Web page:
I will certainly consider Forum of Mathematics in the future.

## The wrong way to compute a sum: addendum

In my previous note, I looked at an amusing but inefficient way to compute the sum $$ \sum_{n \geq 1} \frac{\varphi(n)}{2^n – 1}$$ using Mellin and inverse Mellin transforms. This was great fun, but the amount of work required was more intense than the more straightforward approach offered immediately by using Lambert series.

However, Adam Harper suggested that there is a nice shortcut that we can use (although coming up with this shortcut requires either a lot of familiarity with Mellin transforms or knowledge of the answer).

In the Lambert series approach, one shows quickly that $$ \sum_{n \geq 1} \frac{\varphi(n)}{2^n – 1} = \sum_{n \geq 1} \frac{n}{2^n},$$ and then evaluates this last sum directly. For the Mellin transform approach, we might ask: do the two functions $$ f(x) = \sum_{n \geq 1} \frac{\varphi(n)}{2^{nx} – 1}$$ and $$ g(x) = \sum_{n \geq 1} \frac{n}{2^{nx}}$$ have the same Mellin transforms? From the previous note, we know that they have the same values at $1$.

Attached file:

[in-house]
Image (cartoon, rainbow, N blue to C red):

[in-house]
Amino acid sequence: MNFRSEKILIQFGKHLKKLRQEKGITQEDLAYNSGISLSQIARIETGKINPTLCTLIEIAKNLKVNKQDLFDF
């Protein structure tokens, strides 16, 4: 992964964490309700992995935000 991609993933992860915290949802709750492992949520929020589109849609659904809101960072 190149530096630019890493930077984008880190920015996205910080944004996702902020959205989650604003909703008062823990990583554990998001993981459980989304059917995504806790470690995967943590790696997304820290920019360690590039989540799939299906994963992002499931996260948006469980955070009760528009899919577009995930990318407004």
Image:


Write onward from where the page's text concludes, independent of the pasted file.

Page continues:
We also showed very quickly that $$ \mathcal{M} [f] = \frac{1}{(\log 2)^2} \Gamma(s) \zeta(s-1). $$ The more difficult parts from the previous note arose in the evaluation of the inverse Mellin transform at $x=1$.

Let us compute the Mellin transform of $g$. We find that $$ \begin{align}

\mathcal{M}[g] &= \sum_{n \geq 1} n \int_0^\infty \frac{1}{2^{nx}} x^s \frac{dx}{x} \notag \\

&= \sum_{n \geq 1} n \int_0^\infty \frac{1}{e^{nx \log 2}} x^s \frac{dx}{x} \notag \\